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African-American Leaders

Why Emancipation Day is Held April 16 in Washington, D.C.

Slaveholding was still a way of life for some residents of Washington, D.C. even after the Civil War began.  But in 1862 that changed. The... continue »

James Reese Europe: Bandleader Who Popularized Jazz and Ragtime

James Reese Europe (1880-1919) was a gifted musician who achieved numerous firsts in bringing African-American musicians and music into the mainstream.  As a conductor and... continue »

Matthew Henson, Co-Discoverer of the North Pole

Matthew Henson (1866-1955) was hired by explorer Robert Peary (1856-1920) to be his valet; Peary saw in the young man the potential to be an... continue »

Dorothy Dandridge, First African American Nominated for a Best-Actress Oscar

Dorothy Dandridge (1922-1965) was a successful actress and singer. She started performing as a child in local variety shows, and then eventually made a career... continue »

Black America: An 1895 Stage Extravaganza for the North

Black America was the brainchild of Nate Salsbury (1846-1902), the man who was also behind the very successful, long-running Buffalo Bill’s Wild West Show. In... continue »

Marshall Major Taylor: Champion Cyclist

Marshall “Major” Taylor (1878-1932) was a champion cyclist who set numerous world records and was the first African-American cyclist to become an international sports star.... continue »

Marie Van Brittan Brown: Home Security System Inventor

Marie Van Brittan Brown and her husband, Albert, created an early closed-circuit television system to be used for home monitoring.  That security system was the... continue »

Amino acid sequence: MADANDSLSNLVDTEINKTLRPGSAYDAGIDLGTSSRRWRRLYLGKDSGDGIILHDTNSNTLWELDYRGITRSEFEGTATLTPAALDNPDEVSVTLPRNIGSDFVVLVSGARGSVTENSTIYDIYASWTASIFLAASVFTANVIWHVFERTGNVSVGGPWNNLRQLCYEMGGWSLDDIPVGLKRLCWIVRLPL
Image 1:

Gordon Parks, Extraordinary Photojournalist

Gordon Parks, best-remembered as a gifted photojournalist, was also an author, composer and film director, achieving remarkable success in each field. His journalistic platform in Life magazine... continue »

Ebony Fashion Fair and Eunice Johnson

Eunice Johnson (1916-2010) and her husband, John H. Johnson (1918-2005) created a... continue »

Harlem Hellfighters: Black Soldiers in World War I

The “Harlem Hellfighters” was a name acquired by an all-black military unit from Harlem that fought during World War I.  Officially, they were the 369th Infantry.... continue »

Ethel Payne, Ground-Breaking Black Female Journalist

Ethel Payne made a name for herself as a tireless black journalist who was willing to ask tough questions about segregation and civil rights. She... continue »

Morrie Turner: Creator of Wee Pals Comic Strip

Morris “Morrie” Turner grew up dreaming of being a cartoonist, yet he knew the profession was dominated by white men. Despite that, Turner went on... continue »